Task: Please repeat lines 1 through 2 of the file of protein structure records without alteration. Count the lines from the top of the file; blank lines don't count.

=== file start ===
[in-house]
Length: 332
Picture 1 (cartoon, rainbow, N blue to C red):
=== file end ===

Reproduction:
[in-house]
Length: 332